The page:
It took my son’s meltdown and a lightbulb moment for me to stop parenting on autopilot | Conal Hanna

I always dealt with my son’s resistance to swimming class with cuddles, reassurance and rewards. Then one day I tried something radical: listening to him and empathising

How can I stop my son’s meltdowns at the swimming pool?

The dawning realisation of my limitations as a parent came in the aftermath of a(nother) pre-swimming meltdown. My son was approaching four at the time but still swam like a baby. That might sound harsh but I mean it literally – he was still in the “parent and bub” class splashing alongside six-month-olds. What’s more, his stubborn resistance to the class was growing by the week.

We had tried seemingly everything. Lots of cuddles, reassurance, rewards. Then one day, out of desperation as much as anything, I tried something radical: listening to him.

“Why don’t you like swimming mate?” I asked. “I just don’t like it,” he said. And so we sat there on the living room floor, where I’d been trying to cajole him into his togs, and instead talked. For once I managed to resist the urge to reach for my standard refrain (“you’re alright, mate”) and instead just empathised. We talked about what it means to feel nervous. About situations that make daddy nervous. And that it’s OK to feel nervous, but it doesn’t have to stop you from doing something, either. It was his best week at swimming for months.

This lightbulb moment soon led me to complete an online course in emotion coaching children. Lesson one was humbling as Associate Professor Sophie Havighurst detailed how you can be a warm, hands-on parent while still being emotionally dismissive of your kids. Ways of being emotionally dismissive include rushing too quickly to offer solutions, using distraction to deal with kids’ unpleasant emotions, or force-feeding them positivity in an attempt to stop them dwelling on negative experiences. Essentially, it’s about not recognising or acknowledging the emotions that, like all of us, drive behaviour.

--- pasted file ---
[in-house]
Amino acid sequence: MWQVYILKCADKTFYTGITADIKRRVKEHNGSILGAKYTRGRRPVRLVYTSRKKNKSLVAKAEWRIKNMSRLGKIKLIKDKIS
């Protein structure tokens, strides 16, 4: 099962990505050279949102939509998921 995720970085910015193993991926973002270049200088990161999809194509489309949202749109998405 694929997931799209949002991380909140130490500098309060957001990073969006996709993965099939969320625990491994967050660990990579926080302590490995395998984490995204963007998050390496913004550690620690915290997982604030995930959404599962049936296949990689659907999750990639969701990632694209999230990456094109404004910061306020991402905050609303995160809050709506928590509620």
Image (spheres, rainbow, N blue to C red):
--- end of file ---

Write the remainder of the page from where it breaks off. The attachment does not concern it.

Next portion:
Like a stereotypical man, I tend to reach instinctively for solutions in the face of difficult emotions. As a natural tendency, this makes sense: I don’t like seeing my kids upset, and so seek to quell the negative emotion as soon as possible. This, I’ve realised, makes me feel better but isn’t necessarily the best approach for my kids. Much as I might wish otherwise, anxiety, anger and sadness will be part of their lives. It’s important they come to recognise these emotions and, in particular, know that it’s OK to feel that way.

Havighurst defines emotional intelligence as “being able to understand your own emotions, to recognise other people’s emotions, to be able to regulate your emotions and manage them when they come up so that they don’t overwhelm you”. She points out they are crucial building blocks for a child’s development. “Kids with good emotional intelligence are the ones who are better able to manage their emotions when they encounter challenging things at school, friendship conflict, other really intense experiences they might have,” she says.

As I learned sitting on the living room floor, the crucial thing is to validate your children’s emotions. Of course, this sounds blatantly obvious in theory, but in the mad scramble of working parenthood can be deceptively difficult. (Not to mention during Covid-induced homeschooling!) It doesn’t help that children’s worries can seem so trivial by adult standards. We know they’re nothing to worry about, so forget to stop and consider how real they might feel to our kids.